Get Tweeting: Leaders rewrite the book on talent acquisition with great advice, challenges and the possibilities brought on by generative AI
Talent priorities are evolving at a greater pace than anyone expected. While many TA leaders are struggling to react to these disruptions, others have zeroed in on the loopholes and obstacles and are responding to the upheavals with the bigger picture in mind.
Ahead of the People Matters Talent Acquisition Conference on February 9, we hosted a Tweetchat to understand the challenges better with our keynote speakers, who will be joining us at the event to enlighten us about what’s at stake and the many ways in which talent leaders can tackle the ongoing challenges.
With leaders including Mervyn Dinnen, Naveen Narayanan, Ankit Aggarwal, Mohan Kumar, Saurabh Sharma, Atul Sahgal, Sumanth Nayak, Raman SR, Maya John, and Pratham Mittal, the Tweetchat turned out to be an engaging discussion with insights that could contribute towards understanding the landscape better. Read on…
Talent Priorities for 2023: Finding the ‘how’ and ‘why’
Every organisation has different talent priorities based on the industry they are catering to. But before looking at the trends and what competitors are doing, sometimes it is wise to take a step back, introspect and think about the ‘why’ before the ‘how’. Naveen Narayanan, Chief People Officer at Biocon Biologics believes that building and growing internally as we go up the hierarchy can help.
For Saurabh Sharma, Global Head of Talent Acquisition, OLX Autos, the focus is on personalisation and why TA leaders need to understand each role and its unique EVP. Without clarity on the objectives, Sharma feels that we will keep seeing candidates restraining themselves from job offers. And with the evolving skills set, he added that there is a greater demand for generalists over specialists, especially in high-growth organisations, where one needs to shape up the roles as and when they evolve.
For Maya John, Chief People Officer, VerSe Innovation, her priorities include redefining the way talent is engaged while letting in gig/part-time/job share, who have a new role to play to fill up the talent pipelines. She also emphasises on keeping an open mind to these ways in which work gets done. At Intuit, Mohan Kumar, Head of Talent Acquisition, the priorities revolve around attracting and hiring the most diverse talent through equitable and inclusive hiring practices, building and nurturing talent communities for long-term candidate relationships and continuing to build the brand.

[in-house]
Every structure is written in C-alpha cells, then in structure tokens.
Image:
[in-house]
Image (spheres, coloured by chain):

Raman SR, Chief People Officer, Log9 Materials, whose firm is involved in the emerging EV ecosystem of India, he is looking to amplify the brand, attract and build talent from the ground up, scale people’s program, policies and processes as the organisation moves towards addressing the diverse needs of the workforce.
As for Sumanth Nayak, CHRO, Societe Generale and Atul Sahgal, Group VP Talent Acquisition, Publicis Sapient, the focus is on upskilling and reskilling employees apart from boomerang employees, referrals, career growth, wellbeing and employee experience. Elaborating on the need for wellbeing now more than ever, Mervyn Dinnen is of the opinion that supporting people to achieve their best, as you enable them to develop the skills and capabilities they need, is of utmost importance.
Bridging the gap: What’s causing a hindrance in organisation’s hiring efforts
There are differences in outlook and each leader believes that there are certain obstacles that have impacted their hiring and retention efforts in recent times. To improve them, while embracing newer technologies, is tough but with the right ideas, they believe it can be done. Putting his point across, Pratham Mittal, Founder and CEO, Masters' Union, feels that with the evolving skills set, employers are looking for candidates with specific skills and qualifications that may not be widely available. That’s why hiring for hustle that a candidate brings to the table rather than pedigree can aid in a good hiring decision. A ‘doer’ rather than a ‘reader’ can make a significant difference in the endeavour.
Adding to the perspective was Ankit Aggarwal, CEO and Founder, Unstop, who is leveraging technology to help companies look beyond resumes and boundaries to reach everyone, rather than looking for top talent in select institutes. Highlighting the importance of open conversations, John was of the opinion that truly listening to what kind of expertise the candidates bring to the table and how they can leverage it is essential. And one shouldn’t forget that the ups and downs brought about by the market forces are real and exaggerated and will continue to be so.
Candidates wish to learn, grow and develop in their next role, and Dinnen feels employers need to show their support towards it. On the other end of the spectrum, Sharma feels that employer and employee will have to invest time in understanding each other’s aspirations and expectations and the ability to convey it clearly will override quick closures and painful discoveries. Driving a similar viewpoint, Sahgal reiterated that people should not be looked at as numbers in a spreadsheet. Leaders have to spend time with them to learn about their perspectives.